It’s tough seeing our parents grow old, as it’s a bitter reminder that they won’t be around forever. And it’s hard watching them struggle, as with old age comes a variety of health problems that might require medical care and daily intervention.
Still, there is much you can do to support them, and we will detail some of the steps that you can take below. By following our suggestions, you might actually improve both their health and their lives, and this is good news for both you and them.
1: Stay in regular contact with your parents
Sure, you live a busy life, and you might have children of your own to look after. But never be too busy for your parents. By staying in touch with them, two things can happen. Firstly, you might improve your parent’s mental wellbeing, as having the opportunity to spend time with you and your family could lift their mood state. This is especially true if they have lost their significant other, as loneliness and depression often sets in when they start living alone. Secondly, the more time you spend with your parents, the more likely it is that you will be able to spot any signs of ill health within them. You can then take the necessary next steps to help them if you are worried, such as booking an appointment with their GP so you can discuss the way forward.
2: Use the latest technologies
There are all kinds of technologies that can be put in place to help your parents. There are now wearable bracelets and watches, for example, that can monitor the health of your parents, and they can send alerts to medical services and caregivers should their health take a turn for the worse or should they take a fall. FaceTime technology is useful for staying in touch, be it through an iPad or a computer webcam, so if you live some distance away, you and your parent will still have the means to stay in touch with one another. And with online services such as PushDoctor, your parent can easily get in touch with an NHS-trained GP on their laptop, tablet, or smartphone. Do your research online for these and other available technologies to better care for the needs of your parents.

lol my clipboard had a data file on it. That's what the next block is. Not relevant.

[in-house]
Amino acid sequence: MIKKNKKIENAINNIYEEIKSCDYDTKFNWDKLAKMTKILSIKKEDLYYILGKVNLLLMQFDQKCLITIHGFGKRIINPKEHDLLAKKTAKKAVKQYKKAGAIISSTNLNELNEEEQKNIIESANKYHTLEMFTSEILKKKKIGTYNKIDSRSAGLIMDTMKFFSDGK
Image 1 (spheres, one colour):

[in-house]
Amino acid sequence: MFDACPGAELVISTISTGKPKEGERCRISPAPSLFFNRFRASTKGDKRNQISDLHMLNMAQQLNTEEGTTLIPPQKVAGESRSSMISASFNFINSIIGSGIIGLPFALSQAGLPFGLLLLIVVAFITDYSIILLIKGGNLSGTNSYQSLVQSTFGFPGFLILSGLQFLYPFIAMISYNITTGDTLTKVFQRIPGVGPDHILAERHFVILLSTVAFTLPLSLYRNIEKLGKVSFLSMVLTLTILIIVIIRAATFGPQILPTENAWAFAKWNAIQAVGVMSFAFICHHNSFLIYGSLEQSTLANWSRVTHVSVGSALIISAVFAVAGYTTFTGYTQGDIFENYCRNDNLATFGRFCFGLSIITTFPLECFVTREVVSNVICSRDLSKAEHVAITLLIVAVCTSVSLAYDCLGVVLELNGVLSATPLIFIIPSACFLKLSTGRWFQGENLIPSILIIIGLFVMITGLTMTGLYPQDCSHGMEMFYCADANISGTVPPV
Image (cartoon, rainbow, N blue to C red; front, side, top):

3: Seek out support for your parents
If your parents do need specialist support, then you might need to find the help they need if they are unable or unwilling to acquire it themselves. As examples, you might research local befriending services, especially if your parent is living alone. They will match your parent up with a befriender with similar interests, and/or with a volunteer who will drop by regularly for a cup of tea and a natter. And if you have a parent with specific care needs, then you might need to find a live-in CQC accredited care provider who will offer 24-hour care and health support. This will give you peace of mind, and it will ensure that your parent will never be without the help they need. Speak to your parent’s GP or visit a representative of Age UK for further advice on the services available to meet the needs of your parents.
There is much you can do to care for the health of your elderly parents, so use our suggestions as the basis for some of the steps you need to take. And please let us know if you have any other advice for our readers, as this will be invaluable, especially if you have experienced the role of a caregiver yourself.